Control obsession and ego to avoid repetitive strain injuries
Way back in the early ’90s, I was a student athletic trainer for the men’s hockey team at my college. I got a lot of experience dealing with nasty injuries.
There was nothing as serious as today’s injuries like “gamer’s thumb,” but it was often a struggle to keep athletes on the ice. I started to notice that many of these athletes couldn’t recover from their injuries during the season no matter what we did. The older, more experienced trainers knew about “repetitive strain injuries” and tried to explain the concept to me.
Repetitive strain injuries (RSIs) are typical musculoskeletal injuries that are caused by repetitive tasks, forceful exertions, vibrations, mechanical compression or sustained and/or awkward positions. I would also add insufficient recovery time as a factor. Does this describe your entire day? The sick difference is that you get paid to put yourself into awkward and painful positions at work. When you do it for sport is how it becomes an issue for a different type of therapist.
I can’t help but notice this phenomenon, having worked on thousands of people over the years. Nowadays, I work with a few pretty serious athletes and a lot of average people in whom I see a lot of RSI. I wonder how much of all injuries are our own doing? It is easy to chalk everything up to “accidents” because this conveniently waives the responsibility for the cause.
A study from The Journal Of Sports Medicine, which analyzed injuries among athletes on 16 teams reported by athletic trainers at the University of Iowa over three years, found that “more than a quarter of all injuries involved overuse, and women’s sports actually had a higher rate of overuse problems than those caused by acute injuries.”
I see the same behavior in adults — experienced, high-functioning, intelligent adults who get caught up in behavioral patterns that often lead to RSI.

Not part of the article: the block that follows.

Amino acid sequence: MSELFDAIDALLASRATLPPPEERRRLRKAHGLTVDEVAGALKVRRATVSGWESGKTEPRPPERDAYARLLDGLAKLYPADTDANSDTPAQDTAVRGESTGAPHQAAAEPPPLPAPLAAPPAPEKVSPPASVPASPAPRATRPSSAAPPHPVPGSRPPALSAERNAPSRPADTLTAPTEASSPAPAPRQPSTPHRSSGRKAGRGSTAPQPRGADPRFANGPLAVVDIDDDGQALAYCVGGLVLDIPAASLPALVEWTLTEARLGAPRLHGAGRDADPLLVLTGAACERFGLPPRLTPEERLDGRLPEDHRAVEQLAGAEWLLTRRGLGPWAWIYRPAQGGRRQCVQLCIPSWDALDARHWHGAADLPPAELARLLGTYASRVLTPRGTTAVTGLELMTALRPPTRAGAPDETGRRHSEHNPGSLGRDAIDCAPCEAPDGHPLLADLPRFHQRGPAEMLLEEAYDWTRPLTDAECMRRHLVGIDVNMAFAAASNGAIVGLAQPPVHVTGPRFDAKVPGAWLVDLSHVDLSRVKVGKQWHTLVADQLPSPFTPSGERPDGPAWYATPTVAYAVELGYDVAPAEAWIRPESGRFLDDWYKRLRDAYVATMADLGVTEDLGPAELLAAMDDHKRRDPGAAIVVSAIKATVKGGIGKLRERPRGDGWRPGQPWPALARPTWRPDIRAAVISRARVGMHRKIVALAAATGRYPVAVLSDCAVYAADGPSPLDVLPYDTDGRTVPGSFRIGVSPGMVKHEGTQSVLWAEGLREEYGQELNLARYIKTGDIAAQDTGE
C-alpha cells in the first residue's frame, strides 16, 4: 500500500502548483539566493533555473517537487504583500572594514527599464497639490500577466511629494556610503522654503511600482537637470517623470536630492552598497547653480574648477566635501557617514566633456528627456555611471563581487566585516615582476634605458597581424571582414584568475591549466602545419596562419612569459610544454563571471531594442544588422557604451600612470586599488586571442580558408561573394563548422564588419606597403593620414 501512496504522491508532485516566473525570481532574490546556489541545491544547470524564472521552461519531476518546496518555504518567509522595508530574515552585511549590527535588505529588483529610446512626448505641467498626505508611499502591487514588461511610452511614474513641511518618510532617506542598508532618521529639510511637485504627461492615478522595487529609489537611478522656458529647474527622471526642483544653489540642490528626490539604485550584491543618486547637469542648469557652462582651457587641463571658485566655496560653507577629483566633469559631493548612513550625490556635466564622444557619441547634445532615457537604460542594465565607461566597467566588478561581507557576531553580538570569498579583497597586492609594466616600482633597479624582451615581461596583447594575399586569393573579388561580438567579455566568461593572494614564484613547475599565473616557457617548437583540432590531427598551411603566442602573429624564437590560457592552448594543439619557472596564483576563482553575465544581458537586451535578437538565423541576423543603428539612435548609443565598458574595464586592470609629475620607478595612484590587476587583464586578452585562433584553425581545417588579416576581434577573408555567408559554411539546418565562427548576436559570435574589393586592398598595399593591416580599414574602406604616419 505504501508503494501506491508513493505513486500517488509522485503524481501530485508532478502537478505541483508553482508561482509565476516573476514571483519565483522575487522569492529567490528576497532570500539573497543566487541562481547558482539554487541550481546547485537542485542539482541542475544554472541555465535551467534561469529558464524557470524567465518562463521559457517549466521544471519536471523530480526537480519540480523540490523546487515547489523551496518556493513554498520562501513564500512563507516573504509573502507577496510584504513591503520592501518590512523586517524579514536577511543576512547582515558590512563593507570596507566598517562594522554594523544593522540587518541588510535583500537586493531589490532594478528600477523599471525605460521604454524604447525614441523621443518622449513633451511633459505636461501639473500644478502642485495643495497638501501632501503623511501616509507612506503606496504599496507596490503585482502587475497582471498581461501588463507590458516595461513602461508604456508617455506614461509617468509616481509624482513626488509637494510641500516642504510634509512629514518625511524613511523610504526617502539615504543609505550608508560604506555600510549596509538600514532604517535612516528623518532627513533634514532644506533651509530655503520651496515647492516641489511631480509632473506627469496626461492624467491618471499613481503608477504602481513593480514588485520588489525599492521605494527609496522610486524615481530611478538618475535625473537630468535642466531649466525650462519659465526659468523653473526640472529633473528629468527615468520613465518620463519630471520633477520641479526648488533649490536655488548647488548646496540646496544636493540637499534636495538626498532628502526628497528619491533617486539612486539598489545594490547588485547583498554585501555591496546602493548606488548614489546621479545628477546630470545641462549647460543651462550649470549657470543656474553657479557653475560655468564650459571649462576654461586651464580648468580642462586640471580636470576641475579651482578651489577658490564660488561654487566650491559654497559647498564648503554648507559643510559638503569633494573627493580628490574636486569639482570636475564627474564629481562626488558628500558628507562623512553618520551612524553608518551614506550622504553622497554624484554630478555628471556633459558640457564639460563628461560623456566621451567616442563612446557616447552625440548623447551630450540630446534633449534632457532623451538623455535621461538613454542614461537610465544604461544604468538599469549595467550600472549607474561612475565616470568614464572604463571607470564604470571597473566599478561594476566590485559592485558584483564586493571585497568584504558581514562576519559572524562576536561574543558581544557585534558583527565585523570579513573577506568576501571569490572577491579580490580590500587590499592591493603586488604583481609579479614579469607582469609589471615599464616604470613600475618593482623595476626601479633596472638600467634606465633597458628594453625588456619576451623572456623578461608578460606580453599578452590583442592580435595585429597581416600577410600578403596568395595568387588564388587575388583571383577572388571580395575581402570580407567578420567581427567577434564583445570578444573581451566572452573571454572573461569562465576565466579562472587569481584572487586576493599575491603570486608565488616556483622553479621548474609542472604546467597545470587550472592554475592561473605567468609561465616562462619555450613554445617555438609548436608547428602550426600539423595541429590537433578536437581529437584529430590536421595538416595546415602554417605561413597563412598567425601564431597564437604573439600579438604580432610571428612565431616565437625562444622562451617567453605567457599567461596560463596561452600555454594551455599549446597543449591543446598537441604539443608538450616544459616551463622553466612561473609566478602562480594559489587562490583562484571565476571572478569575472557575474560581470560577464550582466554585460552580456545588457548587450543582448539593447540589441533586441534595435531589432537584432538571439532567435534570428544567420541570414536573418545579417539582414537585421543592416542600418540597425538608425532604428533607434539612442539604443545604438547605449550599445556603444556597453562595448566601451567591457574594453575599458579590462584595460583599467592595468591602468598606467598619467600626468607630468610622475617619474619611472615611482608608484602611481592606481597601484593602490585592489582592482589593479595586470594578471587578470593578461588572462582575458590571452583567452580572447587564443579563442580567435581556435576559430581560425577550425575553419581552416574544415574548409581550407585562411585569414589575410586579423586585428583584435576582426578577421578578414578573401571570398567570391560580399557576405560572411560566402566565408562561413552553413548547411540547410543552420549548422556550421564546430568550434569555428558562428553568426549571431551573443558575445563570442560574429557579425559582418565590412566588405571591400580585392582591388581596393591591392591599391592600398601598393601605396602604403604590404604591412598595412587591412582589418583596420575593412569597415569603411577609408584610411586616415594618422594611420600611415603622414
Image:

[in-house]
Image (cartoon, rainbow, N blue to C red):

The same pattern that enslaves us as adults I suspect we develop as children — because I watch it daily. It starts with the insane scholastic sports rat-race and goes on into adulthood. Don’t get me wrong, I’m a recovering ex-jock who had to become normal due to repetitive injuries. I couldn’t hang with the schedule. Some people can and others can’t.
This is why I tell clients to allow their body’s recovery rate to dictate the training schedule and not what they read in “Photoshop Magazine.” (By Photoshop Magazine I’m poking fun at all the phony fitness magazines because they all use Photoshop to make their models easy on the eyes so you are more inclined to buy more “muscle-pills.”)
The experiences and life lessons that I have gained from decades of sports are priceless. I do regret the damage that I have done to my body to fulfill scholarship obligations and for hopes of becoming a pro athlete. All that I am trying to express is that we may want to think a little before creating patterns in our kids that make them limp around in their 40s.
How to avoid RSI?
Don’t specialize. Pursue different sports and workouts. Remember that the best athletes were almost as good at just about every sport they tried. If you are truly an athlete, the type of sport you choose shouldn’t matter as much as the fact that you are doing something athletic. Obsessing over one particular sport or activity that keeps injuring you is just that. Pros have a full-time staff to help them through their one-sport obsession — and you expect to get through the day with a little pretty-colored stretchy tape on your knee?
Rest (the valley’s worst four-letter word). Take a break. Realize the extent of your own abilities and be OK with that. Also realize the best thing you can do for getting better at anything is to get enough sleep and allow yourself to fully recover.
Take the seasonal break from sports and workouts as an opportunity to try new things. Remember that your own comfort zone may be the reason for a discomforting RSI.
Don’t push kids too hard into repetitive “elite super-team sports” without keeping a careful and objective eye on their state of health. Earning a sports scholarship is special because not everyone can do it. Don’t use your kid to make up for your own athletic failures. Just let it go, let it go.
OK, I’ll stop.
Control obsession and ego. I am not professionally qualified to even mention these two words, but I believe that they are often the true root of the problem. Exploring a little sports psychology will help you understand yourself better and usually leads to a more balanced approach to training, sports and even RSI.
Disclaimer: The author, co-owner of Midland Fitness in Glenwood Springs, does not self-Photoshop, obviously. He does however, use a 10-year-old head-shot to get a similar effect.
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